A distinctive methanol-fueled container ship called the Laura Maersk

written by

Nick Blinky

Laura Maersk was named godmother by European Commission President Ursula von der Leyen (centre) at a dockside ceremony in Copenhagen.

Well, now we know the name. Maersk chose a name steeped in company tradition for its first methanol-fueled container ship: Laura Maersk. The name was revealed when the ship’s godmother, European Commission President Ursula von der Leyen, christened the ship by breaking a champagne bottle over its bow at a ceremony in Copenhagen. Other speakers at the ceremony included Maersk Chairman Robert Uggla and Maersk CEO Vincent Clerc.

Laura Maersk It is a historical landmark for shipping around the world. It demonstrates the entrepreneurial spirit that has characterized Maersk since the company’s founding. However, more importantly, this ship is very real proof that when we come together as an industry through diligent efforts and partnerships, a tangible and optimistic path towards a sustainable future emerges. “This new green ship is the breakthrough we needed, but we still have a long way to go before we get to zero,” said Clerk.

Lura It is a name deeply rooted in some of Maersk’s early innovative milestones. When Captain Peter Maersk-Müller bought his first steamship in 1886, he named it Lura. With its steam engine, Lura It was a product of the Second Industrial Revolution, making its impact on the shipping industry significant. Lura She was also the first ship to carry the white seven-pointed star on a light blue background which later became the logo of A.P. Moller–Maersk.

Maersk has an ambitious 2040 target of net-zero greenhouse gas emissions and aims to move at least 25% of ocean cargo using green fuels by 2030. The 2,100 TEU (20-foot equivalent) Laura Maersk feeder ship is ) is an important step towards the long-term goal of gradually renewing the entire Maersk fleet to run solely on green fuel. Maersk has an additional 24 methanol vessels on order for delivery between 2024 and 2027 and a policy of ordering only new owned vessels that come with a green fuel option.

The industry is reconsidering fuel options

Maersk’s decision to choose methanol, particularly green methanol, has led to an industry-wide rethink about its best options for bridging the fuel gap that will take it to true carbon-neutral fuels like ammonia. This debate is still ongoing, as methanol gains steady momentum and the green methanol supply pipeline begins to open up.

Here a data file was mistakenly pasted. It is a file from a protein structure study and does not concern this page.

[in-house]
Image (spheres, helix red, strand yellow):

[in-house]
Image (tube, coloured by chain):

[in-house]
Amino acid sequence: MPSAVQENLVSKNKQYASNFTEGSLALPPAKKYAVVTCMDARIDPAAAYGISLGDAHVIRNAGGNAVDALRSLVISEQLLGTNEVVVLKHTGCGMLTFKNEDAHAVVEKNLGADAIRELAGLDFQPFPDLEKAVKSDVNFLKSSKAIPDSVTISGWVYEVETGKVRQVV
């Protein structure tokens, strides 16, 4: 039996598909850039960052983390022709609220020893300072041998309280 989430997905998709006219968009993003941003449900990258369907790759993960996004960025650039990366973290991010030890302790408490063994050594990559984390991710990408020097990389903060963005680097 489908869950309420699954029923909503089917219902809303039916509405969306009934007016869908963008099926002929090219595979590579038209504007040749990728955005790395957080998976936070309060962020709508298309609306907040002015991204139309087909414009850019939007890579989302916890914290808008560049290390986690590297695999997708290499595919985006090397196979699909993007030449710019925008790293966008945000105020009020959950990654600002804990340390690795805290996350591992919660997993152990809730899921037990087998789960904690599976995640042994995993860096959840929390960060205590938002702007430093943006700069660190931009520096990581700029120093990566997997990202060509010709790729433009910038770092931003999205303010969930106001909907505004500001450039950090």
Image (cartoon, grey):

Ship facts

In the meantime, here are some facts about Laura Maersk.

It was built at the Hyundai Mipo Dockyard in Ulsan, South Korea. Shipbuilding contract and specifications concluded in June 2021, delivery on 10 July 2023.

Flag and class: Danish flag, ABS class

to set:

  • Length: 172 meters
    Width (molded): 32.2 metres
    Speed: 17.4 knots
    The ship is designed to navigate sea ice up to 1 meter thick in the Baltic Sea
    Deadweight: 32,614 tons at Scantling draft of 11.0 metres.
    Light weight: 10,598 tons, equivalent to 5,300 Tesla Model Y cars
  • Fun fact: The ship can load about 5,000 African elephants.

Container capacity

  • 2,136 TEU (twenty-foot equivalent), or 398 RFEU (forty-foot equivalent)
  • On deck: 1,310 TEU (13 rows/7 layers)
  • On hold: 826 TEU (11 rows/6 layers)

Fun fact: If you lined up 2,100 twenty-foot equivalent containers, the line would be 13 kilometers long – the equivalent of 124 football fields, or nearly twice the length of the Øresund Bridge connecting Denmark and Sweden.

Inside the ship

  • 28 cabins in total
  • Living quarters, entertainment room and work room
  • Dining room, work clutter, kitchen, supply stores
  • Ship control center and fire station
  • Fitness room, medical treatment room and laundry room
  • 2 changing rooms


  • Main engine: HYUNDAI – MAN B&W 6G50ME-C9.6-LGIM-HPSCR, 10,320 kW
  • Auxiliary engines: 2x HiMSEN H32DF-LM, 3000 kW with 2820 kW alternator; 1x HiMSEN 6H21M, 1320 kW with 1240 kW generator
  • Methanol fuel capacity: 1400 m3 (two longitudinally divided tanks) located forward of the engine room bulkhead
  • The ship can sail up to 6,000 nautical miles on green methanol, equivalent to 10,800 km (1 nautical mile = 1.8 km).
  • The engine is dual-fuel, meaning it can run on methanol as well as conventional marine fuel. The same applies to auxiliary motors.

Fun fact: Utility motors can provide electricity to 38,000 homes.

Green Fact: The ship runs on methanol and saves up to 100 tons of CO2 per day compared to a sister ship sailing on heavy fuel oil


Methanol Fact: Methanol consumption is approximately twice that of conventional fuel due to its lower energy density.


  • The vessel will be commissioned by the beginning of October
  • Trade corridor: Bremerhaven – Kiel Canal – Helsingborg – Halmstad – Fredericia – Kalundborg – Kiel Canal – Bremerhaven
  • Fueling: The ship will be stationed in Rotterdam every five weeks until the fueling station in Aabenra is ready.
  • Fuel suppliers: OCI, Equinor, European Energy

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